Static Images: More Visual and Graphic Features
Other important graphic and visual features are found in such static images as pictures, photographs, or posters.
The term shape is used to describe how the different elements of an image fit together and how shapes in an image combine to achieve a particular effect for a purpose.
Colour is more than decoration. Colours, whether described in words or shown in images, often have symbolic significance that contributes to meaning. Red might indicate blood or anger; black may evoke evil or grief; blue can convey sadness or depression - or, in other circumstances, calm. The choice of colours, such as the use of primary colours (red, blue, and yellow), and the intensity or brilliance of the selected colour, all affect the impact of the image and therefore its effectiveness in communicating. Local colour refers to the natural colour of an object; for example, yellow is the local colour of a lemon. In a monochrome, different tones of the one colour, described as different hues, are used.
As with the visual effect of a stage, depth may be important. Although most static images are two dimensional, their effect may be three dimensional because of the impression of depth given by the placement of people, animals, objects, or words in the foreground in relation to the background "behind" them.
Sometimes referred to as depth of field, this is also significant in film. Depth of field enables relationships between the visual elements to be communicated to the viewer.
Proportion is also a significant feature to consider in reading or presenting static images. A comic-strip frame or a poster may contain several different elements, usually combining images and words and in different sizes. They may be represented as bigger or smaller in relation to one another than they might be in real life. The size of the different elements, and the ways these sizes are combined, will lead the viewer or reader to interpret them differently. Size, which is relative, will help determine the dominant image and concept.
Use of space
The use of space is how the different elements are placed in the complete image. Examining the use of space extends the concept of layout, exploring not only how the elements are placed in relation to each other but also how and where they are combined and placed on the page or screen. The use of space includes the use ofwhite space, where nothing is printed. White space is critical in helping highlight graphics and illustrations, throwing them into relief and creating visual interest to convey a vivid message, such as "Watch This Space".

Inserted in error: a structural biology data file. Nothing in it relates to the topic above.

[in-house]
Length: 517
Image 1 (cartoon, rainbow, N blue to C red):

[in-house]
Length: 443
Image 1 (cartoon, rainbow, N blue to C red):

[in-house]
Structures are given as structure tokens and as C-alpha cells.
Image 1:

The use of space is a consideration in selecting how headings should be highlighted. Upper case or bold formats tend to use more space, and italics generally use more space than underlining. The use of borders within the page redefines its space according to the purpose, the audience, and the desired effects.
The paper on which any static image is printed is itself a significant visual feature. The weight of the paper, its texture, its opacity, and whether it is embossed or watermarked, glossy or flat, or white or coloured are all related to the purpose, the audience, and, inevitably, the cost. Students can explore the language of paper and paper products by investigating the qualities of different papers and making their own, linking their investigation of visual language to objectives in the area of technology.
Composition is the process of organising the forms, shapes, colours, and any words and so on into a balanced and rhythmical design. Composition is based on conscious choices made with the purpose, topic, and audience in mind. These choices influence our reading or viewing accordingly.
Composition involves selecting and ordering the visual elements and using space to achieve the appropriate effect and to communicate the originator's message. Designers usually look for balance in a static image, and they relate dissimilar elements to each other in such a way that the overall image is completely unified.
In a closed composition, the space depicted with its forms is designed to be complete in itself, whereas open composition appears to be only part of a larger space beyond the boundaries of the image.
Composition clarifies the focus of the static image. The central focus or dominant image may be obvious from its positioning, often at the centre of the static image, or it may be more subtle. Movement that carries the eye from one part of the image to another also assists this design focus.
Students need to take composition, balance, layout, lettering, size, style, font, spacing, shape, colour, depth, proportion, the use of space, and the technology used into account when making choices in presenting their information and ideas. They need to consider the same matters whether they are viewing the daily newspaper or presenting a student newspaper as part of the English classroom programme.
Close reading and exploring the visual language in static images helps students to understand the ways they can combine verbal and visual elements effectively.
Students exploring visual language and thinking critically about it are shown at work investigating packaging, marketing, and the presentation of compact discs and music videos in parts four and five of the 1995 eTV series, Getting the Message. This series makes links to the objectives of the technology area of learning.
Summary of Terms
|primary colours||depth of field||open composition|
|local colours||proportion||dominant image|
|monochrome||use of space|| |